Read on to discover more about the disadvantages of being an early adopter and how brands could make it easier, or for a different take on this topic read Ben Davis’ post looking at a range of ground-breaking internet-enabled products

1. New products get better

Of course, a drinking mug is small fry when compared to some of the other devices I have bought early. I have an HD ready 32” Sony TV with a great screen and a Sky HD box but, having bought my TV early, it doesn’t have an HDMI output (and the converter doesn’t seem to work in practice). 

Buying a new colourful vacuum mug would not be a big deal but I do not want to splash out on a new TV just yet – if only I’d waited until the standards evolved. 

Which brings me to the second disadvantage of being ahead of the curve…

2. Standards are still evolving and you might not pick the winner.

When I bought my first video cassette recorder there were two and a half competing standards. The ‘half’ was a Philips/Grundig option which seemed doomed from the beginning but the other two were comparable – VHS and Betamax. 

Betamax produced better image quality but the VHS cassettes were slightly smaller. I thought Sony would win and bought a Betamax, but the leading TV rental company at the time picked VHS, giving it the critical mass to become the dominant standard. 

Still, although I couldn’t buy pre-recorded tapes, I was able to use the Betamax for years to record and time-shift TV programmes, but when it came time to replace the old machine, I had no choice but to go VHS and scrap all my old tapes. 

However, I still continued to invest early in technology and was amazed by the pace of change.

3. New products get more powerful and cheaper sooner than you expect

Computers for the home started as little more than toys until IBM brought out the IBM PC in 1981 and changed the world; a real computer with a real ‘killer’ business app, Visicalc – the pioneering spreadsheet which broke the computing mould by delivering more than it promised. 

The pace of PC development was astonishing. I recently found the receipt for an early PC I bought for home use that cost about £1,000 (probably about £5,000 by today’s standards) and featured a 1MB hard disk – wow!

When I bought my first iPad in 2010, I knew that it was just the start so I stuck with the basic model. However, even I have been surprised how quickly the innovations arrived. 

I eventually succumbed to the iPad Mini and now find the original iPad amazingly heavy and ‘clunky’. At the moment, it serves as a grandkids machine, but even they realise that it is inferior to Grandpa’s ‘little iPad’.

At least with the iPad, I am still using apps I purchased for the original machine, albeit upgraded a few times, but sometimes the new gadget doesn’t survive at all in the new world.

4. Some innovations don’t survive competition

In 1996, I purchased one of the early Palm Pilots from 3Com. The synching worked well, the Graffiti handwriting feature worked too and was surprisingly easy to learn.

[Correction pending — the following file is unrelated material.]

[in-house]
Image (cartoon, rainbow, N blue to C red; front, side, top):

In time, the early Pilot was upgraded to the Palm V (a very sleek machine) and then when mobile technology took off, I bought a Treo which had every bit as devoted a following as the Blackberry (I wonder what became of them?). 

However, the Palm ecosystem never survived the iPhone jungle and although I liked the real keyboard, I liked the iPhone’s other features and apps more.

The saving grace from this experience is that I have consistently backed up my devices to Outlook in various guises and although it has not exactly been painless, I do still have access to my diary from 1996, even on my iPad mini.

Four ways to make “early adoption” easier

Although some of my past technology ought to be in a museum, I remain positive about being an early adopter.

I like the benefits of new gadgets and devices and accept that ‘future-proofing’ is virtually meaningless with the pace of technological change today.

But there are four things that suppliers can do to make ‘early adoption’ easier and less painful.

1. Be honest about early products likely being superseded and encourage early adopters with incentives. Google Glass is a good example of this although I doubt Google appreciated the nickname (Glasshole) in the Bay area for members of their Pioneer programme.

2. Pace developments so that purchasers of the previous model do not feel too aggrieved that theirs is not the latest. 

Apple is champion in this area where incremental innovations are much more common than radical changes and new products. 

I still happily use my iPhone 4S and didn’t covet the iPhone 5, 5s or 5c. I may even survive the announcement of the iPhone 6, so maybe I am losing some of my early adopter characteristics.

3. Allow favourable trade-ins for early products. Not many suppliers seem to follow this route. It’s clearly a trade-off and with the burgeoning eBay marketplace it is likely that many of those trying to trade-in have simply bought an early device. 

However with the sophistication of loyalty schemes, I think it’s entirely possible to target rewards on loyal early adopters.

4. Maintain backward compatibility as far as possible. As I wrote when the iPad was launched, its ability to use iPhone apps not only gave it a huge existing library of functionality but also a massive customer base of people who knew how to use the new device. 

My own experience with the diary on the Palm pilot shows that some compatibility can make the difference between a user who is encouraged to upgrade, and one who is left to dump all their old tech (like my Betamax tapes).

Rewarding and retaining loyal customers is something which retailers ought to take very seriously, so I firmly believe early adopters should be encouraged and these points should be an important part of the strategy for all new products.